This year the School of Education welcomed the Sonoma County Office of Education (SCOE) as a partner for the event. Presenters from SCOE provided many of the hands-on Maker Space activities, and helped spread the word out about the Showcase to local schools. Technology Showcase supporters Edutopia and KQED also sent representatives to present and share information about the resources and tools they offer for the classroom.
Presentations covered a broad range of topics, and were aimed at various teaching levels, including elementary, secondary, and special education. Presenters shared their utilization of various websites including Prezi, Wix, Twig World, and Moodle, as well as a handful of useful iPad apps used for behavioral change, teaching science, and verbalizing emotions. In an attendance survey many participants said they appreciated the relevance and practicality of the presentations, as well as the broad range of topics and grade levels included.
One of the goals of this event is to help educators see creative and practical uses for a variety of applications for the classroom, and encourage them to try out some of these new ideas with their own students. To help them put the ideas into practice, each of the presenters created an online version of their presentation which is available online on the School of Education website. One elementary school principal left saying, "I have homework!" commenting on how there were so many things to learn at the showcase.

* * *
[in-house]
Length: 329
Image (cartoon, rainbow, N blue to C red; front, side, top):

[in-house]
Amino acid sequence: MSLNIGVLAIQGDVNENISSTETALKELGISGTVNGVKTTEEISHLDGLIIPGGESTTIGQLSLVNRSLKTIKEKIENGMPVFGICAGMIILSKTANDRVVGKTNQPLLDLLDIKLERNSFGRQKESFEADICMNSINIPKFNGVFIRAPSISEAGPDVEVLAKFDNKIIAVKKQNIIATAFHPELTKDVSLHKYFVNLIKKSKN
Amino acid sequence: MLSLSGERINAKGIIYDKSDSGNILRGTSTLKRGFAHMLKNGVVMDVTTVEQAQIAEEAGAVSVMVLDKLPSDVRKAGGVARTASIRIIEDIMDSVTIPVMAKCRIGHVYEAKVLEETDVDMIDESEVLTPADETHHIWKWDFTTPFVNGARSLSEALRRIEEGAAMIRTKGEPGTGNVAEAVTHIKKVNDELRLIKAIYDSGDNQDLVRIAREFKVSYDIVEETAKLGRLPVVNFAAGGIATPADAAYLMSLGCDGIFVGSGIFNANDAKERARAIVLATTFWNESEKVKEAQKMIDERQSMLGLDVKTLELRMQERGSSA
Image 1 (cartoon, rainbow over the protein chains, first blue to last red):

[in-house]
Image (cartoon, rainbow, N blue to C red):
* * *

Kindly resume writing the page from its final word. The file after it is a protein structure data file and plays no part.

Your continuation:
Byon November 15, 2013 10:40 AM
Technology has infused education, and teachers have at their fingertips an overwhelming array of choices in software, mobile apps and web-based resources for teaching and instruction. This year's SSU Teacher Technology Showcase provides the opportunity for both new and experienced teachers to share what technologies they are using and demonstrate how they are using applications to more fully engage students and impact student learning. This year the School of Education has partnered with the Sonoma County Office of Education to make this event, now in its third year, bigger and better than ever, with 40 presentations and interactive displays. The event will take place on Thursday, December 5 from 5:00-7:00 p.m in the SSU Cooperage and is free and open to the public (parking on campus is $5.00 per car)